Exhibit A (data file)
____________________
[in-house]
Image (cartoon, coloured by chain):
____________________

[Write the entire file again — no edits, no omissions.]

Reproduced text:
[in-house]
Image (cartoon, coloured by chain):